Oxygen is paramagnetic, meaning it has unpaired electrons in its ground state. This causes it to be weakly attracted to externally applied magnetic fields. Here's my MO diagram: [img]https://scontent-iad3-1.xx.fbcdn.net/v/t1.15752-9/s2048x2048/53026276_1224632847687883_2778410602865885184_n.jpg?_nc_cat=108&_nc_ht=scontent-iad3-1.xx&oh=98246a67ddb41b6f5088115b53a3b509&oe=5D22F4BC[/img]
Explain the observation that magnesium oxide is more soluble in aqueous magnesium chloride than in pure water.
Is it because the MgO, MgCl2 and H2O react to form MgOHCl which is more soluble than the initial MgO?
I'm not actually sure if they would react that way. Here's what I was going for:
MgO reacts to form Mg(OH)2 in water:
$MgO \rightarrow Mg(OH)_2$

Mg(OH)2 then dissociates:
$Mg(OH)_2 \rightarrow Mg^{2+} + 2OH^{-}$

Addition of MgCl2 increases the solubility of MgO through the common ion effect, by driving the formation of more Mg(OH)2.
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wec01
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### Re: Chemistry Lab C

Oh yeah, I completely forgot about that.

Alright here's a question:
What is the half-equivalence point during a titration and what is the significance of the pH at this point?
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ThomasL
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### Re: Chemistry Lab C

The half-equivalence point in a titration is where the moles of titrant added is half the moles of the analyte. pH at this point is equivalent to pKa and represents the pH the buffer is optimized for buffering.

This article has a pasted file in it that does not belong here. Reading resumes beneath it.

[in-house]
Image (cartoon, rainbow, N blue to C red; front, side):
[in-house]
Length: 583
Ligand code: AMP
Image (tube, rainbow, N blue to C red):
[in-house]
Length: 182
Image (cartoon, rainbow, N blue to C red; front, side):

Also, regarding the magnesium oxide solubility question:
It seems to me that the common ion effect would decrease the solubility of MgO, for concentration of Mg(OH)2 is increased, and by Le Chatlier's Principle, the equilibrium would shift left. The cause would actually be the slightly acidic character of MgCl2 solution, with [Mg(H2O)6]2+ acting as the acid. The protons are able to react with both MgO and Mg(OH)2 and cause MgO to dissolve faster. There's some more information on this wikipedia page: https://en.wikipedia.org/wiki/Magnesium_oxychloride

wec01
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### Re: Chemistry Lab C

ThomasL wrote:
The half-equivalence point in a titration is where the moles of titrant added is half the moles of the analyte. pH at this point is equivalent to pKa and represents the pH the buffer is optimized for buffering.
Also, regarding the magnesium oxide solubility question:
It seems to me that the common ion effect would decrease the solubility of MgO, for concentration of Mg(OH)2 is increased, and by Le Chatlier's Principle, the equilibrium would shift left. The cause would actually be the slightly acidic character of MgCl2 solution, with [Mg(H2O)6]2+ acting as the acid. The protons are able to react with both MgO and Mg(OH)2 and cause MgO to dissolve faster. There's some more information on this wikipedia page: https://en.wikipedia.org/wiki/Magnesium_oxychloride
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2nd place Thermodynamics

ThomasL
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### Re: Chemistry Lab C

Thanks!
Explain why metallic conductors have positive temperature coefficients of resistance while semiconductors have negative ones.